The starting gun sounded on the 45-nanometer foundry race last week as the world's largest foundry service provider announced an accelerated ramp for its 45-nm process. But there are signs that the 45-nm node could prove a painful and costly transition for foundry customers.
Taiwan Semiconductor Manufacturing Co. Ltd. (TSMC; Hsinchu, Taiwan) had planned to release its first "commercial" 45-nm wafers in the fourth quarter but now is shooting for September. Its first 45-nm process is a low-power technology. Volume production is slated for the first half of 2008.
The foundry giant's main rivals at 45 nm--United Microelectronics Corp. (UMC) and IBM Corp.'s technology alliance--are not far behind and plan to ship their respective processes by year's end. IBM's foundry alliance partners are Chartered Semiconductor Manufacturing Pte. Ltd. (Singapore) and Samsung Electronics Co. Ltd. (Seoul, South Korea).
It's unclear when--or if--other foundries will enter the 45-nm race, though Fujitsu, Toshiba, China's Semiconductor Manufacturing International Corp. (SMIC) and a few others are expected to field 45-nm foundry processes.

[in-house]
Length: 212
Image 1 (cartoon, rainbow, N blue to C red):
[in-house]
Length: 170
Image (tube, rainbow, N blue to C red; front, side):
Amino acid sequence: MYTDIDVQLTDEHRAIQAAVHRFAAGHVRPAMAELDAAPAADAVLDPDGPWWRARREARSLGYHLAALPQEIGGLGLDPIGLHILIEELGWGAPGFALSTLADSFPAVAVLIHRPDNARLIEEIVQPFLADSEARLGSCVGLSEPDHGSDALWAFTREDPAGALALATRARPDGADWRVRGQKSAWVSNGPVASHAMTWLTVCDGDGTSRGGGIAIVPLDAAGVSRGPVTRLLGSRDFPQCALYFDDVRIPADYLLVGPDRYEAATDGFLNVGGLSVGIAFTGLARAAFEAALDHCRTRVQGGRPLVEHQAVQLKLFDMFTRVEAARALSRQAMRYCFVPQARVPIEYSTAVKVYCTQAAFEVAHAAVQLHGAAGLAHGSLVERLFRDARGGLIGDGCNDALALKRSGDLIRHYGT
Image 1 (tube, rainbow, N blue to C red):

For now, the question is whether the leading-edge foundries can deliver 45-nm processes without hiccups. The shift from 90 to 65 nm went fairly smoothly, but some fear the 45-nm transition will reconjure the nightmares of the 130-nm node.
At 130 nm, chip makers introduced a slew of new technologies--such as copper interconnects and low-k--into the process flow. Foundries struggled to deliver chips on time.
Similarly, the 45-nm node represents the first time that leading-edge foundries will use 193-nm immersion lithography and ultralow-k dielectrics. Foundries are not expected to deploy high-k dielectrics or metal gates in the early stages of the node, however. High-k is still considered unproven for high-volume production.
"I don't think the challenges are any different for the foundries than they are for IDMs," said Dean Freeman, an analyst with Gartner Inc. (Stamford, Conn.). "The move to immersion will create challenges. The same goes for low-k."
Another question is how quickly foundry customers will embrace 45 nm. IC design costs alone will range between $20 million and $50 million. As for photomask costs, a "mask set" requires an outlay of $500,000 to $800,000 at the 90-nm node and $1.5 million at the 65-nm mode. At 45 nm, photomask costs will be double the 65-nm tally, said Naveed Sherwani, co-founder, president and chief executive of Open-Silicon Inc. (Milpitas, Calif.), a fabless ASIC house.
That won't deter all customers, Sherwani said, adding that he expects the 45-nm node to be "driven by high-volume chip makers like Xilinx, Intel and TI."
But many others won't jump on the bandwagon just yet, said Jack Browne, vice president of marketing at MIPS Technologies Inc. (Mountain View, Calif.). Trailing-edge processes "are cheap," Browne said. "These processes will last a lot longer. There are a lot of small guys out there [for whom] $1 million is too much for a mask."